Monday, July 20, 2009

Assorted Musings

Some more assorted musings.
  1. This Economist article on the state of marcoeconomics has attracted a lot of attention. Paul Krugman and Brad DeLong both note that the article is not entirely accurate in that some economists, including themselves, did see problems emerging. However, the problems they focused on were the wrong ones:
    The prevailing view was that the truly dangerous financial crisis would be one produced by the unwinding of "global imbalances"--a collapse in the dollar and a panicked flight not toward but away from dollar-denominated cash--that could not be handled by the Federal Reserve because in such a crisis the assets that it would create would be assets that nobody wanted to hold. So I think--surprise, surprise--that Paul Krugman is right here: Pragmatists weren't ignoring the risks of crisis, but they were watching out for the wrong crisis because we had no clue how bad the state of risk management in America's investment banks had become...
    Even this assessment, however, is not completely fair. As I noted previously, the folks at the BIS (1) saw the problems emerging and (2) saw the correct ones. See here for more.

  2. The New York Times has a great article explaining the various ways of rationing health care. It shows that no matter how we ration health care--through price, quantity, or quality--tough choices have to be made.

  3. NPR did an interesting story on research by Ben Olken and Benjamin Jones that shows temperature negatively affects economic activity:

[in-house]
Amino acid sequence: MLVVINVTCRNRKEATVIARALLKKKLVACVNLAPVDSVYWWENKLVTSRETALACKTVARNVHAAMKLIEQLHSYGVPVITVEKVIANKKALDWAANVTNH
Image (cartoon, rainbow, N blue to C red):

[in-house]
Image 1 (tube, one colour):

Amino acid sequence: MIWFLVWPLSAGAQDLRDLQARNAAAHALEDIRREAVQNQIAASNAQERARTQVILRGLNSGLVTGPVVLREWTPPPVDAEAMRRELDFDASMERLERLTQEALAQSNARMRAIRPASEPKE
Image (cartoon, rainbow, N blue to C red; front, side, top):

They found that for poor countries, an increase in annual average temperature by 1 degree centigrade corresponded to a 1.1 percent drop in per-capita gross domestic product...It's unclear exactly why temperature would have this effect. It might be that crop yields go down, or that disease is more of a problem. Or it might just be what you could call the "sloth" theory — it's hard to work when it's hot out. Who wants to mow the lawn in August?
    I will vouch for sloth theory when it comes to running. When I moved to Michigan I found it relatively easy to acclimate to running in very low temperatures. After moving to Texas, though, I found adjusting to running here to be far more challenging. ( I still marvel at those folks who go for runs in early afternoon here in Texas when temperatures are 100+; my runs are always early in the morning when it is cooler.) I am only one data point, but from my experience I am open to notion that economic geography and climate can influence economic activity. Here is their paper.

  4. Finally a U.S. monetary policy official admits the Fed contributed to the housing boom. Bloomberg is reporting that the president of the Atlanta Federal Reserve , Deninis Lockart, said the following:
    “Among the causes of the financial crisis was a long period of low interest rates,” he said. It is clear low rates “had something to do with the housing bubble.”
    Lockhart was not around when this happened, so it is easier for him to make theis statement--there is no blood on his hands. It is worth nothing that back in 2003 that Gary Stern, Minneapolis Fed president and voting member of the FOMC did raise questions about the deflation scare of the time. He was not convinced they were truly a threat to macroeconomic stability. Had his views been more widely shared at the Fed maybe the federal funds rate would not have been held so low for so long. [Update: Here is a Stern speech where he questions the conventional wisdom on deflation in 2003.]


  1. If you're interested in the geography theory, this is interesting:
    Abstract: Sachs NBER 9490
    In a series of papers, my colleagues and I have demonstrated that levels of per capita income, economic growth, and other economic and demographic dimensions are strongly correlated with geographical and ecological variables such as climate zone, disease ecology, and distance from the coast.

  2. Thanks for another paper reference. I thought I had read somewhere Sachs had done work on this issue. Thanks again for the pointer.